Peru lies on the west coast of the South American continent and boasts not only a large portion of the Amazon rainforest, but also a staggeringly beautiful coastline, majestic mountainscapes and plenty of ancient ruins, including Machu Picchu, which attracts droves of visitors every year. Besides luring plenty of tourists, Peru, and its capital city of Lima in particular, has also become a popular expat destination of late.
Historically important as both the seat of the Inca Empire and the Spanish Empire in South America, Peru has a long and prestigious, if somewhat troubled, history. The population is a mixture of ethnicities and heritages, which makes for a diverse and colourful melting pot of languages, cuisines and cultures, including Chinese, Spanish and Amerindian, to name a few.
Expats moving to Lima can look forward to living in a grand old city with an eclectic skyline, characterised by impressive Spanish colonial architecture intermingled with functional concrete and sleek, contemporary glass skyscrapers. The fourth largest city in the Americas, this sprawling metropolis is home to almost 10 million people. In fact, a third of Peru’s population can be found here, including a sizeable multi-ethnic expat community who work in the many multinational companies based in Lima. The city is also a major financial centre in Latin America and generates over 50 percent of Peru’s GDP.
New arrivals to Lima and Peru will need to pick up some Peruvian Spanish to get by outside of international businesses. Although increasing numbers of young adults can speak English thanks to a globalised youth culture, the language is spoken very little for the most part. That said, jobs teaching English in Peru are available and attract plenty of young foreigners to the country.
Expats to Peru should remember that despite its strong economy and multinational influences, Peru is still a developing country. New arrivals should be prepared to deal with often insufficient utilities, a lack of decent public transport, a dysfunctional bureaucracy often mired in red tape, and corruption.
The cost of living in Peru is generally cheaper than in the US or Europe, especially for locally produced foodstuffs and services such as domestic help. However, new arrivals should be prepared to pay for decent accommodation and factor in the extra expenses of hiring taxis or buying a car, as public transport is usually avoided by expats.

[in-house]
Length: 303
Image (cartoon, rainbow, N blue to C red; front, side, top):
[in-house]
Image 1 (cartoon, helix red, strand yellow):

Those moving with kids will be pleased to know that the public school system is of an excellent standard and expat parents will have a choice of top private and international schools.
Most expats who choose to relocate to Peru instantly fall in love with this corner of South America. And with warm and friendly locals, some of the most picturesque landscapes in the world, rich history and a good standard of living, it's no wonder why.
Population: About 32 million
Capital city: Lima
Neighbouring countries: Chile, Bolivia, Colombia, Ecuador, Brazil
Geography: While a mostly mountainous country and with the Pacific Ocean to the west, Peru is extremely diverse in its geography. There are three natural zones: The Costa (coastal) region is a narrow coastal plain consisting of large tracts of desert broken by fertile valleys. The Andes are in the Sierra highlands, with peaks towering over 6,000m (20,000ft). The fertile Selva (jungle) area lies between the Andes and the borders with Brazil, Bolivia, Colombia and Ecuador.
Political system: Presidential constitutional republic
Major religion: Roman Catholic
Main languages: Spanish, Aymara, Quechua
Money: The Peruvian Nuevo Sol (PEN) is divided into 100 céntimos.
Tipping: Some restaurants add a service charge of between five percent and 10 percent, but waiters can be offered an additional 10 percent for exceptional service. Taxi drivers are not tipped, but tour guides are.
Electricity: 220 volts, 60Hz. Two-pronged plugs with flat blades and plugs with two round prongs are used.
Internet domain: .pe
International dialling code: +51
Emergency contacts: 105 (police), 116 (fire), 117 (ambulance)
Transport and driving: Drive on the right-hand side